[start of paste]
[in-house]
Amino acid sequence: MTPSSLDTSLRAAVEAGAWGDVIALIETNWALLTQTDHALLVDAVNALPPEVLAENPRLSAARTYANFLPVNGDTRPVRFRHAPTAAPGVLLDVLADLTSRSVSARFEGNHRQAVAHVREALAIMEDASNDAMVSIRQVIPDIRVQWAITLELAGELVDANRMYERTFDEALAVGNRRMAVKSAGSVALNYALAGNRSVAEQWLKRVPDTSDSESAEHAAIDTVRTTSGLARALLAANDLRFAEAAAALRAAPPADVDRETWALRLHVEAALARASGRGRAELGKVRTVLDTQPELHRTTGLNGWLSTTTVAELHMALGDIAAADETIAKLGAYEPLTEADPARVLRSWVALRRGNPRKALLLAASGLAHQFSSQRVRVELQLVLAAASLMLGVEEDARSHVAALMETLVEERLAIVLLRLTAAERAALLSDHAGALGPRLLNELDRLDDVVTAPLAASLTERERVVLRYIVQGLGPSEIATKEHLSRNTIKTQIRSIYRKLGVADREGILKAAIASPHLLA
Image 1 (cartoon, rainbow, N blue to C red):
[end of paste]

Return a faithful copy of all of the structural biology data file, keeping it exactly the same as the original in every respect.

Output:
[in-house]
Amino acid sequence: MTPSSLDTSLRAAVEAGAWGDVIALIETNWALLTQTDHALLVDAVNALPPEVLAENPRLSAARTYANFLPVNGDTRPVRFRHAPTAAPGVLLDVLADLTSRSVSARFEGNHRQAVAHVREALAIMEDASNDAMVSIRQVIPDIRVQWAITLELAGELVDANRMYERTFDEALAVGNRRMAVKSAGSVALNYALAGNRSVAEQWLKRVPDTSDSESAEHAAIDTVRTTSGLARALLAANDLRFAEAAAALRAAPPADVDRETWALRLHVEAALARASGRGRAELGKVRTVLDTQPELHRTTGLNGWLSTTTVAELHMALGDIAAADETIAKLGAYEPLTEADPARVLRSWVALRRGNPRKALLLAASGLAHQFSSQRVRVELQLVLAAASLMLGVEEDARSHVAALMETLVEERLAIVLLRLTAAERAALLSDHAGALGPRLLNELDRLDDVVTAPLAASLTERERVVLRYIVQGLGPSEIATKEHLSRNTIKTQIRSIYRKLGVADREGILKAAIASPHLLA
Image 1 (cartoon, rainbow, N blue to C red):